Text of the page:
I’ve read a great many GAO studies over the years, and this is one of the very best. It should be required reading for officials of every state DOT and every metropolitan planning organization. It does an excellent job of putting tolling and public-private partnerships into context, at a time of massive traffic congestion and of shrinking real value of fuel tax monies. In a nutshell, the report argues that tolling needs to be used more widely because it:
- Provides net new revenues to expand and improve the highway system;
- Promotes more effective investment strategies;
- Better targets highway spending for new and expanded capacity; and
- Leverages existing revenue sources, via private-sector investment.
The resource-allocation benefits of toll finance are particularly highlighted in this report. Here are two excerpts that I want to share with you:
“When costs are borne by nonusers, the beneficiaries may demand that resources be invested beyond the economically justifiable level. Tolling can . . . provide the potential for more rational investment because, in contrast to most grant-financed projects, toll project construction is typically financed by bonds sold and backed by future toll revenues, and projects must pass the test of market viability.”
“A tolling structure that includes congestion pricing can also help guide capital investment decisions for new facilities. As congestion increases, tolls also increase, and such increases signal increased demand for physical capacity, indicating where capital investment to increase capacity would be most valuable. At the same time, [the toll revenues] would provide a ready source of revenue . . . to help fund these investments in new capacity that, in turn, can reduce delays.”
The report also breaks new ground by raising the longer-term question of the ability of the federal government to continue such programs as highway and transit, given the enormous fiscal challenges of paying for the baby boomers’ retirement. It suggests that “a reexamination of the federal role in highways should include asking whether the federal government should even continue to provide financing through grants or whether, instead, it should develop and expand alternative mechanisms that would better promote efficient investments in, and use of, infrastructure and better capture revenue from users.”
Last month I arrived in San Francisco to speak at a conference. Since the conference hotel was located a few blocks from a BART station downtown, I took the relatively new BART line from SFO to Market Street. To my surprise, there were signs all over saying that service was free. Same thing the next day when I went back to the airport. It was only later that I came across an article in the San Jose Mercury News (July 30, 2006) explaining why.
I turns out that for several years, now, the Bay Area Air Quality Management District has been holding “Spare the Air Days.” When a really hot, smoggy day is forecast, fares on 26 area bus, train, and ferry services go to zero, in hopes of getting people out of their cars to reduce emissions. And obviously, the hope is also that some of those people, having tried this alternative mode, will stick with it, ditching their car for the commute.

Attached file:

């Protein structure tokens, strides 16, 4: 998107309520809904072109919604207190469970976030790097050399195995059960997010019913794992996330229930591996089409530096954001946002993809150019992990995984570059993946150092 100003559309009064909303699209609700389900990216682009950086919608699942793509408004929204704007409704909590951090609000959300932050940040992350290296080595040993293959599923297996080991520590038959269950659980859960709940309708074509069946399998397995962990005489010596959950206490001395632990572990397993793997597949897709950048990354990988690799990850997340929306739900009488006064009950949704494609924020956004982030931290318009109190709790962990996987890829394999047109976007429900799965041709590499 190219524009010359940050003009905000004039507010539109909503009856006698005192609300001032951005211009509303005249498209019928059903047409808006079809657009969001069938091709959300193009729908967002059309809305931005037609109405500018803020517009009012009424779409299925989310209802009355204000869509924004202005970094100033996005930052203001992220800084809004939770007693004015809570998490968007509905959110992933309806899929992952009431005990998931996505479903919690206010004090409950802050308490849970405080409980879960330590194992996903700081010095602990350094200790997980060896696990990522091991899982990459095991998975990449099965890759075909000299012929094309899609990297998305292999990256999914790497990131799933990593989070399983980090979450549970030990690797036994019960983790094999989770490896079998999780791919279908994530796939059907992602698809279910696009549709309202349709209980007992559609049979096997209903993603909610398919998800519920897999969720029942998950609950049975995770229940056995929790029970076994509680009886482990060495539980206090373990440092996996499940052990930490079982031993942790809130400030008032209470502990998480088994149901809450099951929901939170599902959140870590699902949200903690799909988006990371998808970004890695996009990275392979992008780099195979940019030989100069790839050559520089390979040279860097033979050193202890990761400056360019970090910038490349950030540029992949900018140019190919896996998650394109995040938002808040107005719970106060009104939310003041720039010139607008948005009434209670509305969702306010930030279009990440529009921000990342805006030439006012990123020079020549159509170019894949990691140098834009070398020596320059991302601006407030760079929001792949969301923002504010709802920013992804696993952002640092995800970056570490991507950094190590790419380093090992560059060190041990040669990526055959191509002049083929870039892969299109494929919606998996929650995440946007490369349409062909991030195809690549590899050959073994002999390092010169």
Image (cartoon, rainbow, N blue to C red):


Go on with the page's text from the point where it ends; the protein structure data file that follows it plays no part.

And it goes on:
The Mercury News article provided some useful information for judging how effective this program is. First, with a fare of zero, how much did transit patronage increase? The figures show a gain of just 15%. That should be sobering to those who imagine that changes in transportation policy can get large numbers of people out of their cars. And this, remember, is in an area with a pretty robust regional transit system interfacing with numerous local transit providers.
Second, the report notes that “nobody really knows how many of the new riders gave up driving that day, thus removing a car from the road.” One survey found that less than 10% of those riders said they ditched the car because transit was free. I’m a good example of a tourist who would have ridden BART anyway, but took advantage of the free rides. “Stories abounded of joy-riding teenagers, homeless people, retired people, tourists, and others who had no plans to drive that day,” but who took advantage of the free, air-conditioned rides.
Third, how many of the new riders will become regular transit patrons? The Mercury News reports that, sadly, “[A]lthough the program is in its third year, neither the air district nor the MTC has conducted follow-up surveys to see whether new riders ever return.”
But most devastating of all is the low cost-effectiveness of Spare the Air days. The program cost $13.3 million this year, for advertising and to reimburse the transit agencies for lost fare revenue. The Metropolitan Transportation Commission estimates that it reduced smog by 8.4 tons. Do the math: that’s a whopping $1.65 million per ton. Other smog-reducing programs run by the air district cost between $500 and $30,000 per ton—useful things like buying up and crushing gross-emitter cars and replacing the engines of old diesel school buses. The car-crunching program costs just $8,600 per ton—just half of one percent as much as Spare the Air.
And that’s really the lesson that should be learned from this. The $13.3 million spent on this program could have been used to buy up and crush more than 1500 gross-emitter vehicles. That would have provided a lot more smog-reduction for the money.